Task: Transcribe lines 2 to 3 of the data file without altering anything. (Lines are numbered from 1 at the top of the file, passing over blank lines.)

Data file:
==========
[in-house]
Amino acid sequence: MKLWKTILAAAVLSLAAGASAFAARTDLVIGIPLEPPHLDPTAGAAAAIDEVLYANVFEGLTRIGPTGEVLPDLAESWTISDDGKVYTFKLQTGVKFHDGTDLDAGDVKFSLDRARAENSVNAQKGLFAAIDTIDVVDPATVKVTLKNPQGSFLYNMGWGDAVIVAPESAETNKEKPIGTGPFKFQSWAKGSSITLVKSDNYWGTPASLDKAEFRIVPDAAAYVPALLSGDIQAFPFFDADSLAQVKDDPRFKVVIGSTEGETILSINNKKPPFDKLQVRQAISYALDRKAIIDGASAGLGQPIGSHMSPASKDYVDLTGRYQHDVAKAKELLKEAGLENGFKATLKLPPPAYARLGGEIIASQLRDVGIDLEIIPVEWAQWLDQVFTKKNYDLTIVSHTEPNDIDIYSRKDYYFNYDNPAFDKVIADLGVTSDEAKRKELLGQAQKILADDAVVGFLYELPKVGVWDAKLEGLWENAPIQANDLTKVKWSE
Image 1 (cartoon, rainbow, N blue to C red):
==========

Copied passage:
Amino acid sequence: MKLWKTILAAAVLSLAAGASAFAARTDLVIGIPLEPPHLDPTAGAAAAIDEVLYANVFEGLTRIGPTGEVLPDLAESWTISDDGKVYTFKLQTGVKFHDGTDLDAGDVKFSLDRARAENSVNAQKGLFAAIDTIDVVDPATVKVTLKNPQGSFLYNMGWGDAVIVAPESAETNKEKPIGTGPFKFQSWAKGSSITLVKSDNYWGTPASLDKAEFRIVPDAAAYVPALLSGDIQAFPFFDADSLAQVKDDPRFKVVIGSTEGETILSINNKKPPFDKLQVRQAISYALDRKAIIDGASAGLGQPIGSHMSPASKDYVDLTGRYQHDVAKAKELLKEAGLENGFKATLKLPPPAYARLGGEIIASQLRDVGIDLEIIPVEWAQWLDQVFTKKNYDLTIVSHTEPNDIDIYSRKDYYFNYDNPAFDKVIADLGVTSDEAKRKELLGQAQKILADDAVVGFLYELPKVGVWDAKLEGLWENAPIQANDLTKVKWSE
Image 1 (cartoon, rainbow, N blue to C red):